Uranium is poised to rebound from a second annual decline as Japan considers restarting its atomic plants almost two years after the Fukushima disaster and China pushes ahead with the world’s biggest nuclear building program.
The price of the fuel for immediate delivery may average $55 a pound in 2013, according to the median of five analyst estimates in a Bloomberg News survey conducted last month. The nuclear fuel slipped 14 percent to an average $48.72 in 2012 and traded at a three-year low of $40.65 in November, data compiled by Bloomberg show.
A revival in demand from Japan is raising the prospect that supplies of the radioactive metal will shrink at the same time as China continues with a project to increase its nuclear power capacity at least fivefold by 2020. That’s a boost for uranium producers such as Perth, Australia-based Paladin Energy Ltd. It’s also a blow for liquefied natural gas exporters including Qatar and Australia, which have helped plug Japan’s power shortage since the earthquake that led to the meltdown at the Fukushima Dai-Ichi plant in March 2011.
“The biggest pressure on price at the moment is not necessarily the downgrade to demand since Fukushima, it’s this massive inventory overhang,” said Joel Crane, the vice president of research at Morgan Stanley in Melbourne. “Should the Japanese government give the green light to restarts, that overhang is instantly gone and that will be very positive for prices.”
The uranium forecasts for 2013 ranged from $45 to $62.60 a ton in the Bloomberg survey conducted Dec. 10 to Dec. 19. That compares with a three-year high of $73 in February 2011, according to data from Roswell, Georgia-based Ux Consulting, which advises the nuclear industry. The fuel averaged $56.80 in 2011 and was $43 a pound on Jan. 3.
The price plunged as low as $49.75 a ton in March 2011 after Japan’s biggest earthquake on record and a subsequent tsunami damaged reactors at the Fukushima site run by Tokyo Electric Power Co., releasing radiation and causing the evacuation of 160,000 people. The government responded to the disaster by keeping all 54 of the nation’s then-functioning atomic plants shut after safety checks, while countries from China to France reviewed their nuclear policies and Germany said it would close its facilities.
Japan’s 10 regional utilities generated or purchased 2.4 percent of their electricity from nuclear plants in November, down from 27 percent in February 2011. Japan’s installed nuclear capacity is 46,148 megawatts at its 50 operable plants. Fossil-fuel plants accounted for 73 percent, up from 50 percent.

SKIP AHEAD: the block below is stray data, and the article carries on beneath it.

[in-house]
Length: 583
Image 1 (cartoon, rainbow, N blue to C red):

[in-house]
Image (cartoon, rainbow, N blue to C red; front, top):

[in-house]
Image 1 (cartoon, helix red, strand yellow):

Speculation that uranium demand will rebound has grown since Dec. 16, when Japan’s Liberal Democrat Party won a landslide election victory. The previous administration of the Democratic Party of Japan, which ordered the shutdowns, planned to phase out nuclear power by the end of the 2030s. The LDP was ousted in 2009, two years before Fukushima, after ruling for all but 10 months since 1955 and overseeing the country’s development of atomic energy.
The new government plans to establish a variety of sources for electricity generation within 10 years, including a review of the plan to exit nuclear power, Trade Minister Toshimitsu Motegi said Dec. 28.
“We can’t say for sure that Japan will be free of nuclear power by the 2030s,” Motegi said at a news conference in Tokyo. “We will make our decisions based on technological findings and not with prejudgment.”
The government and Japan’s utilities face public opposition to nuclear power amid concern that some plants are at risk of damage by future earthquakes. All but two of the nation’s reactors are still idled since Kansai Electric Power Co. resumed units at its Ohi plant in July.
The restart of reactors in Japan is going to be “fairly slow” and is unlikely to be done this year, capping uranium price gains, according to Thomas Neff, a physicist and uranium-industry analyst at the Massachusetts Institute of Technology in Cambridge, Massachusetts.
“It’s probably 2015 before you are going to get any strong demand signals sent to the market,” Neff said in a phone interview Dec. 28. “There’s no particularly good reason to think that it’s going to go up in the next year.”
Japan Atomic Power Co.’s Tsuruga and Tohoku Electric Power Co.’s Higashidori plants may be sitting on active geological faults, teams of scientists working for Japan’s Nuclear Regulation Authority said last month. Kansai Electric is conducting additional checks after an NRA team delayed a decision on whether a fault under its Ohi plant is active. Utilities aren’t allowed to construct reactor buildings and other important facilities above an active quake fault.